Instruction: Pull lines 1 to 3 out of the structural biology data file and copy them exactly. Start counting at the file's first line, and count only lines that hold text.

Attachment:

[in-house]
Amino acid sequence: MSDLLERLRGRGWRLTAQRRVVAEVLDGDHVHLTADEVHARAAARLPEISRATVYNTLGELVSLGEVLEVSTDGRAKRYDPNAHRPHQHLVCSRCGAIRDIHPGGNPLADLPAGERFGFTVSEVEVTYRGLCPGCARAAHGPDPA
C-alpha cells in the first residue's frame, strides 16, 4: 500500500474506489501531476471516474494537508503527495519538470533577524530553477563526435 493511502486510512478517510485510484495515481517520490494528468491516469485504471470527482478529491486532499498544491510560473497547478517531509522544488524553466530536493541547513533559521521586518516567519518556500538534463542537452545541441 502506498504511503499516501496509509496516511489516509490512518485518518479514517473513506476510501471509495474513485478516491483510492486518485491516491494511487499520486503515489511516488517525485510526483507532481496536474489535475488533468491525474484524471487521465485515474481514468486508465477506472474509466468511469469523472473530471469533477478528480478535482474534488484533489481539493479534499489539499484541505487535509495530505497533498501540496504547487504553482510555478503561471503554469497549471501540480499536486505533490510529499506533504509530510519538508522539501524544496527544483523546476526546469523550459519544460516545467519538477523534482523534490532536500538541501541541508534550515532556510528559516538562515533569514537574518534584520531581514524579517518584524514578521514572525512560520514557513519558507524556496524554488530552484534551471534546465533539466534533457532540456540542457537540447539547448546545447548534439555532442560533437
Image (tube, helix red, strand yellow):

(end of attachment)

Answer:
[in-house]
Amino acid sequence: MSDLLERLRGRGWRLTAQRRVVAEVLDGDHVHLTADEVHARAAARLPEISRATVYNTLGELVSLGEVLEVSTDGRAKRYDPNAHRPHQHLVCSRCGAIRDIHPGGNPLADLPAGERFGFTVSEVEVTYRGLCPGCARAAHGPDPA
C-alpha cells in the first residue's frame, strides 16, 4: 500500500474506489501531476471516474494537508503527495519538470533577524530553477563526435 493511502486510512478517510485510484495515481517520490494528468491516469485504471470527482478529491486532499498544491510560473497547478517531509522544488524553466530536493541547513533559521521586518516567519518556500538534463542537452545541441 502506498504511503499516501496509509496516511489516509490512518485518518479514517473513506476510501471509495474513485478516491483510492486518485491516491494511487499520486503515489511516488517525485510526483507532481496536474489535475488533468491525474484524471487521465485515474481514468486508465477506472474509466468511469469523472473530471469533477478528480478535482474534488484533489481539493479534499489539499484541505487535509495530505497533498501540496504547487504553482510555478503561471503554469497549471501540480499536486505533490510529499506533504509530510519538508522539501524544496527544483523546476526546469523550459519544460516545467519538477523534482523534490532536500538541501541541508534550515532556510528559516538562515533569514537574518534584520531581514524579517518584524514578521514572525512560520514557513519558507524556496524554488530552484534551471534546465533539466534533457532540456540542457537540447539547448546545447548534439555532442560533437